A revised version of this blog post about divorce rates in Oklahoma and myths about divorce aired on KOSU Radio January 15, 2013.
I have nothing here to sell you,
Just some things that I will tell you.
Some things I know will chill you to the bone…
—From George Jones and The Grand Tour
I much prefer my own fractured prose to posts this utterly direct, but sometimes, the easiest way to say something is to just say it. Despite the overwhelming number of Gen Xers who profess a desire to keep their marital vows, Xers are more likely to divorce than Baby Boomers – a generation which itself set a record for divorce.
Divorce is gut-wrenching. It’s a societal wound Xers first experienced via their parents. When Xers became parents themselves, the natural response was to overparent and create child-focused families. Now, despite that overwhelming desire to not put their children through what they went through, families headed by Gen X parents are starting to break apart at breakneck speed. There are many reasons cited for this including a bad economy.
And then there is the ongoing emasculation of Gen X men in society, and the emotional impact of making less money (accounting for inflation) than their fathers made. This reality is compounded by the fact Gen X women have been able to advance their own income potential, much on the backs of Baby Boomer feminists and careerists. This has led to an unprecedented amount of financial freedom among Gen X women.
The experience of being a divorced woman has changed, along with the statistics. “The No. 1 reaction I get from people when I tell them I’m getting divorced is, ‘You’re so brave,’ ” said Stephanie Dolgoff, a 44-year-old mother of two elementary-school daughters who was separated last year. “In the 1970s, when a woman got divorced, she was seen as taking back her life in that Me Decade way. Nowadays, it’s not seen as liberating to divorce. It’s scary.”
I went through a divorce more than 12 years ago when my oldest was barely a year old. I remarried eights years ago when she was five. I am grateful for Robert’s presence in our lives. He has been an amazing and loving father to Juliette! And, I am grateful that I was able to have more children and realize my dream of a big family. The Lord restores the years the locust hath eaten.
But, along the way, I discovered a lot of myths about divorce. While the truth can hurt – it’s the two-edged sword that separates bone from marrow – lies are worse. They can devour you and your future. So, for what it may be worth, here are 10 of those myths.
1. My lawyer is my friend.
No, he isn’t. Your lawyer is your lawyer. He lives and dies by the billable hour. Do not call this person for moral or emotional support unless you’re prepared to pay for it.
2. She has three kids and I have three kids and together we’ll be happy. Like the Brady Bunch.
No, you won’t. Blended families are almost always an absolute disaster. There are exceptions to this rule, but they are rare. People end up hating each other. If you think you’re miserable now, wait until you’re part of a blended family. If you like getting chopped and pureed in a blender…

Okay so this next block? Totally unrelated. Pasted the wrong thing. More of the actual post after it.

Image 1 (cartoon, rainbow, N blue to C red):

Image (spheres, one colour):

3. The divorce is his/her fault because he/she cheated.
Umm, probably not entirely. Affairs are symptoms of much larger problems. In fact, I read one time that if one spouse has an affair it’s “at least” 50 percent the other spouse’s fault. That’s some bad medicine, but I bet if spouses accepted it more marriages would be saved.
4. She cheated on me so I have Biblical grounds for a divorce.
Umm, maybe not. You have a greater obligation to forgive than you do a right to divorce.
5. We just outgrew each other.
Umm, no you didn’t. But, look at this way, you have plenty of time to find someone new and outgrow him or her before they get stuck taking care of you in a nursing home.
6. I will never go back to him/her.
You might. A writer once said about people who leave their spouses, “as sure as the maple leaf turns red in the fall – everyone cycles back.” I agree with this for the most part except in the most extreme cases of spousal abuse, mental illness, substance abuse, etc.
7. He/she left so I’m free to remarry.
Well, I suppose so. But, if you stay at the line of reconciliation, eventually the person will cycle back and want you back and if you’re not taken you’ll be free to remarry your ex, which is probably always best for the children. This arrangement usually ends in divorce again, though, just so you know.
8. We have nothing in common.
What you’re really saying is he/she doesn’t want to do what you want to do. People do not get divorced because one partner likes to watch TV and the other one likes to fish all the time. “We have nothing in common” is also code for lots of things…
9. I don’t love him/her anymore.
Sadly, it’s likely you never did.
10. We fight all the time, so this is better for the children.
Probably not. More than 10 years ago, a 25-year landmark study revealed the longterm effects of divorce on children. They’re terrible. As it turns out, a bad (read: bad, not abusive or addiction-laced) marriage is better than a good divorce.
Finally, I am working on a new eBook about divorce. It’s called Why Juey Always Have to Leave? I’ve written it for my two younger children who ask this question every other weekend when their big sister, Juliette, has to go and stay at “another house.” This book will be my attempt to answer their lingering question.